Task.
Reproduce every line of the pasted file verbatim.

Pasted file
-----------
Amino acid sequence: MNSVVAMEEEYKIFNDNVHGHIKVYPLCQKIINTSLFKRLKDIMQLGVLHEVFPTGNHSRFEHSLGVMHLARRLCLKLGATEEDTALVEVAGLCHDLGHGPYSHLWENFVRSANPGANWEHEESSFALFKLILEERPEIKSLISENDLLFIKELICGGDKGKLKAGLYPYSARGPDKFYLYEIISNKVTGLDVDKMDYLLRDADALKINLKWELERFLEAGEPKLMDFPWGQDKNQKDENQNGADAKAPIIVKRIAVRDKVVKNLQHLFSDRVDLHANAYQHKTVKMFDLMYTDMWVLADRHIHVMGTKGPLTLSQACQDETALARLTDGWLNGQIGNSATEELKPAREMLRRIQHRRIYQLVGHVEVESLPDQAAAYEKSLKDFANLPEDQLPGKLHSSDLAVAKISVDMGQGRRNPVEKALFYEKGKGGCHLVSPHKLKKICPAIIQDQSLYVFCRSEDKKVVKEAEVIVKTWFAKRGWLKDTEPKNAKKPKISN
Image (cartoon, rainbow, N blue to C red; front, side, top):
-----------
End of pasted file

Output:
Amino acid sequence: MNSVVAMEEEYKIFNDNVHGHIKVYPLCQKIINTSLFKRLKDIMQLGVLHEVFPTGNHSRFEHSLGVMHLARRLCLKLGATEEDTALVEVAGLCHDLGHGPYSHLWENFVRSANPGANWEHEESSFALFKLILEERPEIKSLISENDLLFIKELICGGDKGKLKAGLYPYSARGPDKFYLYEIISNKVTGLDVDKMDYLLRDADALKINLKWELERFLEAGEPKLMDFPWGQDKNQKDENQNGADAKAPIIVKRIAVRDKVVKNLQHLFSDRVDLHANAYQHKTVKMFDLMYTDMWVLADRHIHVMGTKGPLTLSQACQDETALARLTDGWLNGQIGNSATEELKPAREMLRRIQHRRIYQLVGHVEVESLPDQAAAYEKSLKDFANLPEDQLPGKLHSSDLAVAKISVDMGQGRRNPVEKALFYEKGKGGCHLVSPHKLKKICPAIIQDQSLYVFCRSEDKKVVKEAEVIVKTWFAKRGWLKDTEPKNAKKPKISN
Image (cartoon, rainbow, N blue to C red; front, side, top):